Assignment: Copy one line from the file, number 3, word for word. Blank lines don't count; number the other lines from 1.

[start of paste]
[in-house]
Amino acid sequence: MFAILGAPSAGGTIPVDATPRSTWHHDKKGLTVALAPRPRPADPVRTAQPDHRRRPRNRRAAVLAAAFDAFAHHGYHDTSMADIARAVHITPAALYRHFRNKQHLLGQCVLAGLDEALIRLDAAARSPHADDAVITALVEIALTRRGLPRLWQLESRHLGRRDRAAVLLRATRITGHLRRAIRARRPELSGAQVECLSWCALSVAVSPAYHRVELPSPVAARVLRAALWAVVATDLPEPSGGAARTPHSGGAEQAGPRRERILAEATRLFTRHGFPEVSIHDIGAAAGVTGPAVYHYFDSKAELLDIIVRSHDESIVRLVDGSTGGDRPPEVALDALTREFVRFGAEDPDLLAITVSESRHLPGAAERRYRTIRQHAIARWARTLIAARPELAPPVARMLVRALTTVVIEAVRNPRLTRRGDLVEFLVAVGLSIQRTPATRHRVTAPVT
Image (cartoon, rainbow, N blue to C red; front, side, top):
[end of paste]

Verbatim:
Image (cartoon, rainbow, N blue to C red; front, side, top):